Necrolotum review

The title of Jan Maszczyszyn’s book indispensably reminds (or at least me) of the famous blasphemous Necronomicon by the mad Arab, Abdul Alhazred, described by a famous loner from Providence. And this association is justified not only by the name – it is in the Necrolotum that the reader has the opportunity to learn about the probable secrets of the Great Ancient Ones ‘ locomotion as well as the opportunities and threats to earthly life and civilization from Jupiter.

The first terrestrial astronauts

One of the pioneers of the Necrolotum journey, and at the same time the main character and narrator, is Jack de Waay, a gentleman from alternative Victorian Australia. This alternative is that the earth’s population is larger in the early twentieth century than in our world; so large that there are timid voices about overpopulation. Mr. de Waay himself is an expert in the field of cavitation, i.e. the controlled transformation of rock into magma. The beginning of his adventures is a proposal to explore the poorly explored underwater depths with the eccentric genius Oceanus Molière (the name obliges), Lord Duncan, adventurer, and other scientists and not only to gain fame and wealth – unfortunately at the cost of breaking the engagement with his beloved Abelia. Only after setting off, the true purpose of the trip is revealed – the title Necrolotum.

Interplanetary communication system and the predominance of aquatic life over land life

This strange creation is a system of connections connecting the oceans and seas of all planets and satellites in the solar system – a solution very interesting for me. Through this network, the heroes enter the waters of Ganymede, and later also to Triton and other worlds. At this point, a fairly obvious question arises: how to solve the problem of the limited time spent underwater by a terrestrial organism. Professor Molière had a simple (for him) advice – to turn it into water through appropriate hormones, exercises, enabling retroevolution– return to the previous form in the evolution tree. Of course, there they find creatures quite different from the kind-hearted creatures we know. Some of them are intelligent and conscious beings, though not necessarily friendly, at least at first. By the way, Jack, together with the reader, faces interesting dilemmas – what would life be like if not for getting out of the water millions of years ago? Is humanity ready for contacts with alien races, and if not, can the Necrolotum and extraterrestrial life be kept secret from the increasingly overpopulated terrestrial world?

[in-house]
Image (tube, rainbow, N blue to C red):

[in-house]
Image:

How much science in science fiction ?

What I personally liked about Necrolotum is the author’s reaching for numerous scientific disciplines and using them to create an engaging vision of the world and corresponding phenomena, inventions and branches of science. There are geological and hydrological issues; the author also refers to the Hindu Ayurveda and biological issues. In my opinion, he also quite credibly presented the look of the then educated representative of one of the upper classes on the desired social order. The characters also have different views on the aforementioned issues, which of course leads to conflicts that are the axis of the plot in my opinion.

So the answer to the question in the subheading is quite a lot, especially in the endnotes. I found some inaccuracies, some of which could be put down to fiction , but the erroneous references to mythology hurt me slightly. If you are interested, I refer you to the book.

Not only the content, but also the form

Jan Maszczyszyn wrote this novel in a language stylized as the Polish equivalent of the 19th and 20th century English of the upper class – for obvious reasons it is justified. And although I’m not a linguistic expert, I think he did it well. There was no dissonance between the dialogue and the narrative style and the image of a Victorian, well-born engineer. In terms of editing, I did not notice any shortcomings either. The design of the cover depicting a submarine and gears against the background of an old map also harmonizes with the language. The whole thing reflects the steampunk atmosphere of the Necrolotum world.


I believe that Necrolotum is one of the best fantasy books I have read recently. The plot, although not the most fast-paced, is at times suspenseful, allowing for moments of reflection and inspiring (at least me) to get acquainted, even briefly, with areas that have been alien so far. In short – I recommend reading with some free time. Reading on the tram or during a break at work or between classes takes away its charm.

by Anna Domitrz
on 01.07.2020

Student of Advanced Materials and Nanotechnology at the Jagiellonian University in Krakow, a future scientist. She is passionate about the latest scientific discoveries and is drawn to quantum physics. She loves to read and her literary heart was stolen by Pilipiuk and Dukaj. He will not disdain Sanderson and Tolkien either. Introvert who prefers peace at home. She liked beer because of her boyfriend, especially Gose and Russian Imperial Stouts.